The Graham-Cassidy bill to repeal the Affordable Care Act and refashion the nation’s health care spending into a system of block grants to the states and per-capita, Medicaid spending caps might be dead for now.

But that doesn’t mean the ideology that propelled it also has died. The ideology that favors transforming large federal programs into block grants that states can spend largely as they please is alive and well.

On Monday, during the only Senate hearing to take place on the Graham-Cassidy health care bill, Republicans made clear they still favor this approach. GOP senators on the Finance Committee and the expert witnesses they chose to bolster their case spoke repeatedly of the promise of “increased flexibility” through block grants and the potential for state-based innovation.

“If this bill is successful, some states will do a terrific job in developing really innovative solutions to provide great-quality care,” former Pennsylvania Sen. Rick Santorum, who was involved in drafting the Graham-Cassidy bill, said Monday, hours before Maine Sen. Susan Collins came out against the legislation, sealing its fate.

(States would somehow provide great-quality care even as, according to the Congressional Budget Office, Graham-Cassidy proposed to slice $1 trillion from states’ Medicaid funding over the next decade.)

Santorum also extolled the virtues of one of the largest block grant transformations to date: the 1996 Personal Responsibility and Work Opportunity Reconciliation Act, which transformed the nation’s Aid to Dependent Families with Children welfare program into a system of block grants the federal government issues to states each year and that states have wide latitude to spend largely as they see fit.

“Just in Maine recently, Gov. [Paul] LePage finally reformed welfare in that state. It took them 20 years to do it, but again, very strong results,” Santorum said. “There may be a lag effect in some states. There may be some inequity. But it creates competition. And it creates the opportunity for states that learn from the innovation of other states.”

Indeed, the number of Maine families receiving cash benefits through Temporary Assistance for Needy Families, or TANF, has dropped 66 percent since May 2012, when a five-year lifetime cap on benefits took effect. LePage has touted the steep drop in the number of people receiving assistance. But to which “very strong results” was Santorum referring?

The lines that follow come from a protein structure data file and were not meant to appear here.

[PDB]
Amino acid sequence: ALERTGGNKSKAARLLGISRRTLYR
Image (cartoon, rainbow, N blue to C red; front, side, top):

Was it the reality that two-thirds of people who lost benefits as a result of the five-year cap still didn’t have work three years after the cap took effect? Or could it have been that the third who did have work were earning below poverty-level wages?

Could Santorum have been referring to the LePage administration’s failure to even stay within the loose bounds of TANF law when it came to spending the state’s $78.1 million annual block grant? Or could he have been referring to the administration’s use of the annual block grant on a variety of existing state programs in order to generate budget savings, even as administration officials denied to legislators that that’s what they were actually doing?

As all of this happened, the proportion of Maine children growing up in extreme poverty was rising, even as it mostly held steady nationally. Could that have been one of the “very strong results” Santorum was touting?

Fortunately, Republicans’ attempt to transform yet another federal program into a system of block grants has failed, for now. But the “strong results” Santorum touted are alive and well with TANF: States today spend just half of the TANF funding they receive on the program’s core purposes — financial assistance for low-income families, child care and activities that help adults work — and the funding reaches just 23 percent of families with kids nationwide who live in poverty, down from 68 percent in 1996.

Graham-Cassidy proponents were right to use TANF as an example of what could happen by transforming a federal program into a system of block grants. But the “very strong results” they champion actually paint a picture of a federal program that has become unaccountable and unresponsive to people’s needs, with people’s well-being wholly dependent on the whims of state politics.